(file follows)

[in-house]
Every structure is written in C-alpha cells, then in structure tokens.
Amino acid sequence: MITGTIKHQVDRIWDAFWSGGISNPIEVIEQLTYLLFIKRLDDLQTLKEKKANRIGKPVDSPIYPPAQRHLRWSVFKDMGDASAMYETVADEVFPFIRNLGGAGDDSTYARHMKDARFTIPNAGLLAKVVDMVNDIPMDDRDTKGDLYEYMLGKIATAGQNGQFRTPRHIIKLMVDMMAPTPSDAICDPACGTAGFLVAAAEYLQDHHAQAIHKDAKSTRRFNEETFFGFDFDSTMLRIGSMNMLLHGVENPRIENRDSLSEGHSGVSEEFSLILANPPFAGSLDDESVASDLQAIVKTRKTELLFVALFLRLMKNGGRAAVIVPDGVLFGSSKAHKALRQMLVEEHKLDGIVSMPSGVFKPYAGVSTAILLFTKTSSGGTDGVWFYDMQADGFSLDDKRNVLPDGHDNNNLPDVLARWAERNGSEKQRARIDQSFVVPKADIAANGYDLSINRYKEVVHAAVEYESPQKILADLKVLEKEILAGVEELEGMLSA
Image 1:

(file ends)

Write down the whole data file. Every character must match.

[in-house]
Every structure is written in C-alpha cells, then in structure tokens.
Amino acid sequence: MITGTIKHQVDRIWDAFWSGGISNPIEVIEQLTYLLFIKRLDDLQTLKEKKANRIGKPVDSPIYPPAQRHLRWSVFKDMGDASAMYETVADEVFPFIRNLGGAGDDSTYARHMKDARFTIPNAGLLAKVVDMVNDIPMDDRDTKGDLYEYMLGKIATAGQNGQFRTPRHIIKLMVDMMAPTPSDAICDPACGTAGFLVAAAEYLQDHHAQAIHKDAKSTRRFNEETFFGFDFDSTMLRIGSMNMLLHGVENPRIENRDSLSEGHSGVSEEFSLILANPPFAGSLDDESVASDLQAIVKTRKTELLFVALFLRLMKNGGRAAVIVPDGVLFGSSKAHKALRQMLVEEHKLDGIVSMPSGVFKPYAGVSTAILLFTKTSSGGTDGVWFYDMQADGFSLDDKRNVLPDGHDNNNLPDVLARWAERNGSEKQRARIDQSFVVPKADIAANGYDLSINRYKEVVHAAVEYESPQKILADLKVLEKEILAGVEELEGMLSA
Image 1: